I bought a “peanut pillow” from walmart. I don’t remember the exact cost but I think it was about $15. It too has seen me through 2 littles.

    I use a home made receiving blanket with a diaper pin as a cover if I need one.

    That is the extent of my nursing gear. My daughter I nursed for a year and John is 8 months in 🙂

  11. You definitely need to add good nursing bra to your list. And believe it or not, it has been one of the hardest things to find. But since women generally experience bigger boobs while breast feeding, they need better support, not just the convenience of an easy access bra.

  12. Second and third having at least two good nursing bras. And I have one of those Boppy pillows that I love. I also bought a nursing cover for when I was going to be on a plane nursing and it was definitely very helpful. I was given a new one (since they are so much prettier now) as a gift with my 2nd son and I do use it sometimes. More for other people than myself. Other people are much more uncomfortable with my breastfeeding that I am. Like my Dad. It’s funny. I can breastfeed in front of my Father in Law no worries, but my own Dad gets all embarrassed by it (though he is a big supporter).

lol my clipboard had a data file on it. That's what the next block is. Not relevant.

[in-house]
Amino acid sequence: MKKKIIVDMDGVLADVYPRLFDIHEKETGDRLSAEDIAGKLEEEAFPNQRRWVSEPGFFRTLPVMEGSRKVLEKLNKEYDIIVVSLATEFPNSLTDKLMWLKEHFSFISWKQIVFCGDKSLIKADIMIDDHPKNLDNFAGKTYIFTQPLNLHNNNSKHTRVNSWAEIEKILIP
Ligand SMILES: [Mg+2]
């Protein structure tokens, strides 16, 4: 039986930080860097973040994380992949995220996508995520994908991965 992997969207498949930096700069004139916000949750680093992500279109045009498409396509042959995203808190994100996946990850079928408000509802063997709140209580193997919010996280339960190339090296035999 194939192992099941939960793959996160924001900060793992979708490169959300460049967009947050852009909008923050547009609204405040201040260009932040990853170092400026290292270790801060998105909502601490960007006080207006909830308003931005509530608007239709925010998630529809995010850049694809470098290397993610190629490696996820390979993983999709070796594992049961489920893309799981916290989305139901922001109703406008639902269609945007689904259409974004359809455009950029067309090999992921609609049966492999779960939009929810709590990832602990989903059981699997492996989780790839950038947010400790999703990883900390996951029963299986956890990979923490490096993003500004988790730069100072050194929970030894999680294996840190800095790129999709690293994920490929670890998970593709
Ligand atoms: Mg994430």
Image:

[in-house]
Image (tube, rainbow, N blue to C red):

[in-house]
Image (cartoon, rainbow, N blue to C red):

I borrowed a hand pump which worked for a while but I can no longer pump a drop. And I used both washable and disposable nursing pads. The washable ones just soaked right through at the beginning, so I had to use disposables. Never even heard of a timer or a reminder bracelet.

  13. I had to chuckle reading the post – I nursed all three of my children for about a year each. As scatterbrained as I was during those early years, I managed without a “reminder bracelet.” I just always started with the breast that felt the fullest! Looking back, I only had a few accessories. I had lovely, soft, cotton breast pads for leaks. I did keep a box of disposable ones on hand for those times when I was behind on laundry but I always preferred the reusable ones. I also kept lanolin on hand for sore spots, and a small breastpump so that I could keep some milk in the freezer, just in case. I did not work outside my home, though. I’m sure I would have needed a more powerful pump if I had to pump all of the time.

  14. Great post. I have nursed two, and very cheaply. 🙂

    I used a safety pin on a bra strap, a simple hand pump, and home-made nursing pads. I did end up with a nice pillow for the second one, which turned out to be great when he had surgery as an infant!

  15. Good Post! I agree with you on the things you can do without…

    One tip I learned that I really loved when I was breast feeding; buy a cheap tank top that you can wear under your shirt or blouse. Cut two holes for “breast access” but no one will see your tummy when you lift up your shirt!